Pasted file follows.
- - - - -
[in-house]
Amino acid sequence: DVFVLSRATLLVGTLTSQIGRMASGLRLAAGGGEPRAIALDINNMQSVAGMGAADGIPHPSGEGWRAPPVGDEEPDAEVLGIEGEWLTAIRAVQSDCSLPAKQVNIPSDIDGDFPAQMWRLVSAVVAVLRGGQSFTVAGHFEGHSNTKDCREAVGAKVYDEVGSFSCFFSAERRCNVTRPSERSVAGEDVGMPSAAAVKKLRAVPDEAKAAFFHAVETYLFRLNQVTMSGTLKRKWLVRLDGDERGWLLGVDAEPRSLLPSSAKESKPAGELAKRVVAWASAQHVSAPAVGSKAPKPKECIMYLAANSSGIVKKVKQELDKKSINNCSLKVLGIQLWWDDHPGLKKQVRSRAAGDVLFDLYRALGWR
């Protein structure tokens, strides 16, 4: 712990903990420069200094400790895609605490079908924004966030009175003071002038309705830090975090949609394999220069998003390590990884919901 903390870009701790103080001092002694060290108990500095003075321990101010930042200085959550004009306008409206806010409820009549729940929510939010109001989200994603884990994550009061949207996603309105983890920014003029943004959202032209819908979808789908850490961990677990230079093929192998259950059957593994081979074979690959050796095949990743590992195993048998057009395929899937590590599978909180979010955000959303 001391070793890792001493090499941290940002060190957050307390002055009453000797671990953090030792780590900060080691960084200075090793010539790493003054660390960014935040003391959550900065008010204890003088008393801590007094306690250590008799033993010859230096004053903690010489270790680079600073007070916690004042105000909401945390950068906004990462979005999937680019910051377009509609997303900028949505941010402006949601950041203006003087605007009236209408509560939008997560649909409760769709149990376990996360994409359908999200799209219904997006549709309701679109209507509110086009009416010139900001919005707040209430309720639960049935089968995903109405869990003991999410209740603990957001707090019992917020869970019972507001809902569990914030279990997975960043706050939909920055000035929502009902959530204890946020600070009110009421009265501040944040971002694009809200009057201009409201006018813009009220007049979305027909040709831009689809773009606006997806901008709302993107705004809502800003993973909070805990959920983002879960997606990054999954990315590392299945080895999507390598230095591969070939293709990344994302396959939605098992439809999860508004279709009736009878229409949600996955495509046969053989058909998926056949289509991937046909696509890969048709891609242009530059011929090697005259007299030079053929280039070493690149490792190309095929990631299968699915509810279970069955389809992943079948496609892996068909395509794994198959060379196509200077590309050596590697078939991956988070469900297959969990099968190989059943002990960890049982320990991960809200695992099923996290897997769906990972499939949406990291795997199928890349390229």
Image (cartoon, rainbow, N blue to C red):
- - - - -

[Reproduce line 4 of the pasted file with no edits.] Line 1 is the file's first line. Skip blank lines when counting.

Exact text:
Image (cartoon, rainbow, N blue to C red):